This pond is small and quite deep. Interestingly it is chytrid free probably due to the fact it is artificially maintained by tap water and it is isolated from the other ponds. Intriguingly, no pobblebonks have been heard calling from this pond.
South Esk pond and its satellite pond
This pond exists on the other side of the road in a different catchment from the other water bodies and receives run-off from Duck Reach Rd via an upstream pond (satellite) when it overflows. At the time of surveying this water body was chytrid free and in the months subsequent it appeared to sustain perhaps the most robust and diverse population of frogs in the Reserve. However, in early spring 2006 an obvious and sudden reduction in overwintering L. dumerilii tadpoles occurred not unlike the event in the Pobblebonk pond. Similarly, dead L. dumerilii tadpoles presented with jaw sheath depigmentation. There was no evidence for L. dumerilii breeding that year (no calling, no spawn and no tadpoles of this species). The pond dried up in January 2007 but on filling in May 2007 was filled with many different cohorts of tadpoles from all species except L. dumerilii. One lone pobblebonk was heard calling on the last day of September and spawn appeared in mid-November 2007 but the water level was dropping rapidly and the pond dried up in January 2008 and hasn't refilled yet.
It is impossible to make any definitive conclusions regarding these results based on just over three years of observation. Other factors such as the extended drought may be at play here and could have interrupted the reproductive cycle of the pobblebonk. However, of interest it appears that other species such as L. ewingii, C.signifera and G. laevis don't seem to have been greatly impacted by the extended dry, as going by the number of calling frogs, there are healthy populations of these species in the TRNA. But the event at the South Esk pond is suspicious and is reminiscent of the way chytrid causes a wave of mortality (in susceptible species) when it first appears in a previously uninfected population. It is also possible that environmental drying may be causing crowding of amphibians at water bodies thus leading to increased rates of transmission (Daszak, 2005). This may be relevant because the ubiquitous L. ewingii is suspected of carrying aclinical infections of Bd. Time and further observations may or may not reveal the true picture.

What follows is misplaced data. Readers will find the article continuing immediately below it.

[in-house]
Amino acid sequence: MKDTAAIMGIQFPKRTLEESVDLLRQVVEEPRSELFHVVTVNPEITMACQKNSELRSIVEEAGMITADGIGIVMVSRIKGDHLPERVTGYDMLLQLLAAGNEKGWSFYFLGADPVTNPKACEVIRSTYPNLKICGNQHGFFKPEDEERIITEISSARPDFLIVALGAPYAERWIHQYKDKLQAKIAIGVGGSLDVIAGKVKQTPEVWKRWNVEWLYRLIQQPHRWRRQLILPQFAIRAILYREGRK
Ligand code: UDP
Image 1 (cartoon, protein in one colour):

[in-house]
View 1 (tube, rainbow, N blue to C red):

- Anon 2006, Threat Abatement Plan: Background Document - Infection of Amphibians with Chytrid fungus resulting in Chytridiomycosis, Department of Environment and Heritage, Commonwealth of Australia
- Daszak, P., Chytrid Fungus and Frogs – Background on World wide Amphibian Disease, (retrieved on 13 March 2005)
- Fellers, G. M., Green, D. E. and Longcore, F.E. 2001, 'Oral Chytridiomycosis in the Yellow-legged frog (Rana muscosa)', Copeia, 2001(4):945-953
- New Scientist, 'Global frog crisis defies explanation', 23 October 2004
- Obendorf, D. and Dalton, A. 2006, 'A survey for the presence of the amphibian chytrid fungus (Batrachochytrium dendrobatidis) in Tasmania', Pap. Proc. Royal Society of Tasmania, Vol. 140, pgs 25-29.
Page URL: https://www.disjunctnaturalists.com/articles1/chytrid-fungus.htm